Invisible Walls: Whoa I hear you say, what is he on about? There are times when I have died through no fault of my own. This usually occurs when leaping from platforms in a direction that points towards the player. Judging the take off mark is one thing but to have to clear a gap with a long jump and land on another platform, only to seemingly hit something that causes you to take a half step backwards and fall off the object you are trying to land on is another. Especially when I have landed on it cleanly before and on a retry after going into a vault, collecting Z-Orbs and blue orbs and beating the guards, and making the same jumps again to suddenly hit this 'wall' and falling to my doom... I mean what the heck? Maybe this game needs a patch to rectify this or it was simply missed during the play test stage of things. Frustrating, yes, annoying, heck yes!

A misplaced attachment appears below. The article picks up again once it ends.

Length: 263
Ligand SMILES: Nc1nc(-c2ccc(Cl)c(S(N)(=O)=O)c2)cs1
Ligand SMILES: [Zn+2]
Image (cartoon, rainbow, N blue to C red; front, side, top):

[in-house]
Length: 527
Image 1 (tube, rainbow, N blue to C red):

The 'doubling back' could be an issue for some, not for me, but the age group that this is aimed at might get bored with this pretty quickly. As for the online battle mode, just what the heck do the conditions mean or do? If someone can send me a manual, then that may explain things, but without you are left in the dark to a large degree.

So what we have is a retro style platformer, with combat and animal forms to collect. It should appeal to fans of the game series and it has apparently cross platform play with the Vita so co-op modes are on offer there.

For the final score I don't want you to think the negatives I encountered as an adult has unfairly marked this down. I have to see this through the eyes of a player of the age group it's aimed at. So the two scores below reflect that in some way. I know there is only usually ONE score but I feel I have to do this, so here goes.

If I was a seven year old playing and reviewing this? I would probably find it fun enough toi mark it as a 7.5.

As a REVIEWER and an adult? It would score a 6 out of 10